Translating science is a nexus because it serves as the cognitive link between information and action. I don’t like saying that communications makes high-level information accessible to “the general public” because that implies: 1. Regular people are unimportant, and 2. Important people already understand this high-level information.

Politicians may not understand the scientific report jargon any better than a sports fisherman, and that’s where the IJC’s communications team, and the multimedia products I contribute, comes in. Many of my Fellowship projects include making videos, like this one about the IJC’s Water Quality Board Report on PBDE Chemicals. The bottom line is that everyone’s actions affect the waters of the Great Lakes, and promoting informational, accessible science to inform decisions and actions of all stakeholders, including governments, is a key part of the IJC GLRO’s responsibility and of my Fellowship.

Some of the IJC team (L to R):  Science Writer Kevin Bunch, GLRO Director Trish Morris, Public Affairs Officer in GLRO Windsor office Sally Cole-Misch, and Public Affairs Officer in Washington, DC office Frank Bevacqua, 
all enjoying lunch at the International Association of Great Lakes Research (IAGLR) conference 
in Guelph, ON in June 2016.

The third and last nexus aspect so far is my relationship with Michigan Sea Grant as the IJC Fellow. There is the administrative linkage manifested in the nerve wracking-but-not-too-scary interview process with both IJC and Michigan Sea Grant staff during the application period; this resurfaces periodically when I send monthly reports to Michigan Sea Grant.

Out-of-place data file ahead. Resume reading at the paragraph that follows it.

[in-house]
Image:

The blog posts serve as a more meaningful nexus between my day-to-day world at the IJC office and the work of the Sea Grant to promote this Fellowship and recruit new talent for future cooperation with the IJC. Is it working? Comment below…

It was somewhat of a mystery to me what the IJC Fellow’s role in Michigan Sea Grant was until I was generously invited to attend Michigan Sea Grant’s staff retreat in July. I met the whole Michigan Sea Grant family, including staff from the University of Michigan office, educators located across the state of Michigan, and staff based at “the other school” (Michigan State, though I’m a proud alum and ambivalent about the rivalry).

I came to appreciate Michigan Sea Grant’s mission to support research, outreach, and education for the benefit of the Great Lakes. One word kept coming to mind amidst the organizational navel-gazing facilitated during the retreat sessions: praxis. Praxis is the practical application of theory to reality. Michigan Sea Grant works to fund research and education ranging from behind the helm of a ship to behind the keyboard of a computer.

Michigan Sea Grant staff up early for birdwatching, in search of the Kirtland Warbler in a Jack Pine forest near Grayling, MI

By funding Fellowships like this one, Michigan Sea Grant funds the praxis of what I’ve learned in school applied to the real world of water policy and communications at the IJC. While my day-to-day is in an office, it has the same praxis link as a Sea Grant educator’s does out on a boat with a class of seventh graders taking water samples. Which, by the way, I did when I was in seventh grade… but that story is for another blog post.

In conclusion, this Fellowship is all about making connections, from international government cooperation to actually putting my degree to good use.

Until nex(us)t time,

Allison Voglesong